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Court Determines Mishandling of Teen’s Corpse Only Worth $600,000, Despite Jury’s Million-Dollar Verdict

jurors sitting in jury box of a courtroom

New York Public Health Law provides that every body of a deceased person is entitled to a decent burial or cremation within a reasonable time after death. Section 4215 in particular addresses the remains of a body after an autopsy dissection has been performed and requires that these remains be buried as well. In addition, there is a common law “right of sepulcher” giving the next of kin a legally enforceable right to bury their deceased family members.

The recent decision in the ongoing case of Shipley v. City of New York involved a teen who died in an automobile accident in January, 2005. In March of that same year, a high school class on a field trip to a mortuary came across their former classmate’s brain in a jar, which had been withheld for months by the medical examiner for further examination. News of this occurrence spread around the school and made it to the ears of the deceased teen’s sister, who had been involved in the same accident that took her brother’s life only a few months earlier. The sister and her parents sued the City of New York and the Office of the Medical Examiner for interfering with their right of burial and for emotional distress.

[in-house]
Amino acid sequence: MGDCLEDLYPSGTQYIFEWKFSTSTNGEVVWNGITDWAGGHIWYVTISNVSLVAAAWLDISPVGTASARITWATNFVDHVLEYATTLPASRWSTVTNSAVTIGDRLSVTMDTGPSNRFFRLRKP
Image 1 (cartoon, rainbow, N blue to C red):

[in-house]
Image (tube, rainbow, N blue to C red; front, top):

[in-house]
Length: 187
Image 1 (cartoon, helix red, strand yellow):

The Supreme Court, Richmond County, in March 2009 dismissed the complaint on behalf of the sister but allowed the case to proceed with only the parents as plaintiffs. At trial, the parents won a directed verdict on the liability issue and a million-dollar jury verdict on the issue of damages. The defendant moved to set aside these verdicts, but the court in March of 2012 denied those motions. The defendants appealed, however, and despite the fact that the Supreme Court had held that the jury’s verdict was reasonable, “if not low,” on April 17th of this year, the Supreme Court’s Appellate Division reversed the judgment and sent the case back for a new trial on the issue of damages for past pain and suffering unless plaintiffs agree to reduce the amount from $1 million to $600,000. This court decided that the jury’s award “deviates materially” from what would be reasonable compensation.

Sometimes even winning a favorable jury verdict is not the end of the story, as the City of New York and other defendants may use every available option to lower the award or reverse the jury’s decision. New York City attorney Leandros Vrionedes fights for his clients to make sure they get the full amount of compensation they deserve. If you have been injured in an accident or lost a loved one due to the negligence or misconduct of another, contact the Law Offices of Leandros A. Vrionedes, P.C. for a free consultation with an experienced personal injury and wrongful death lawyer.

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